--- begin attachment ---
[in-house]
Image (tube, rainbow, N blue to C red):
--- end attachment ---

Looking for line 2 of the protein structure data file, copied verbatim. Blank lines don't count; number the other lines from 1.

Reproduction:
Image (tube, rainbow, N blue to C red):